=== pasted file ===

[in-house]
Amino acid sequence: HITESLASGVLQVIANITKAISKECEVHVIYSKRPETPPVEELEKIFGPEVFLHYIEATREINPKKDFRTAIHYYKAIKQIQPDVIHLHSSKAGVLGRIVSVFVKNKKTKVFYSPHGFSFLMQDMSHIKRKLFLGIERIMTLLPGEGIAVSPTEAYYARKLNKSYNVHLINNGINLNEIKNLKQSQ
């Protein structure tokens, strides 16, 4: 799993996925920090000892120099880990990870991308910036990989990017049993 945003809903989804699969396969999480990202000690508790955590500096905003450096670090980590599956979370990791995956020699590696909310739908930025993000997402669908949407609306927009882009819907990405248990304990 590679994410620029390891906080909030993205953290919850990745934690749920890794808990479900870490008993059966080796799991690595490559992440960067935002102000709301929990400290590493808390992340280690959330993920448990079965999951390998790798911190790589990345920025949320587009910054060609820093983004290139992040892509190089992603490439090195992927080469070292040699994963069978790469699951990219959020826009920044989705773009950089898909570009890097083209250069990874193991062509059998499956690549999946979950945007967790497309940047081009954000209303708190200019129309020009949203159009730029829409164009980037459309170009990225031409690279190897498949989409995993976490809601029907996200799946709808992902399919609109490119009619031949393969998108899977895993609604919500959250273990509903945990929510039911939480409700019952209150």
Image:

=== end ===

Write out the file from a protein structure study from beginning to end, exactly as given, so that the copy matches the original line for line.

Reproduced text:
[in-house]
Amino acid sequence: HITESLASGVLQVIANITKAISKECEVHVIYSKRPETPPVEELEKIFGPEVFLHYIEATREINPKKDFRTAIHYYKAIKQIQPDVIHLHSSKAGVLGRIVSVFVKNKKTKVFYSPHGFSFLMQDMSHIKRKLFLGIERIMTLLPGEGIAVSPTEAYYARKLNKSYNVHLINNGINLNEIKNLKQSQ
């Protein structure tokens, strides 16, 4: 799993996925920090000892120099880990990870991308910036990989990017049993 945003809903989804699969396969999480990202000690508790955590500096905003450096670090980590599956979370990791995956020699590696909310739908930025993000997402669908949407609306927009882009819907990405248990304990 590679994410620029390891906080909030993205953290919850990745934690749920890794808990479900870490008993059966080796799991690595490559992440960067935002102000709301929990400290590493808390992340280690959330993920448990079965999951390998790798911190790589990345920025949320587009910054060609820093983004290139992040892509190089992603490439090195992927080469070292040699994963069978790469699951990219959020826009920044989705773009950089898909570009890097083209250069990874193991062509059998499956690549999946979950945007967790497309940047081009954000209303708190200019129309020009949203159009730029829409164009980037459309170009990225031409690279190897498949989409995993976490809601029907996200799946709808992902399919609109490119009619031949393969998108899977895993609604919500959250273990509903945990929510039911939480409700019952209150």
Image: